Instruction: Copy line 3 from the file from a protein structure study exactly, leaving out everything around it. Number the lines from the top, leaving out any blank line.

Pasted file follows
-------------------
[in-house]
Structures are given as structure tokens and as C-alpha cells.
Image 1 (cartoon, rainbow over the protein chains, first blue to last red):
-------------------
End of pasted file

Image 1 (cartoon, rainbow over the protein chains, first blue to last red):